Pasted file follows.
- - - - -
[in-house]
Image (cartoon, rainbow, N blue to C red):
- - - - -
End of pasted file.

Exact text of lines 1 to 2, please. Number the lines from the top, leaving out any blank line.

[in-house]
Image (cartoon, rainbow, N blue to C red):